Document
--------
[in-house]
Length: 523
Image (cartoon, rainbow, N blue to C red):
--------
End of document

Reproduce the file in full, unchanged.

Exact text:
[in-house]
Length: 523
Image (cartoon, rainbow, N blue to C red):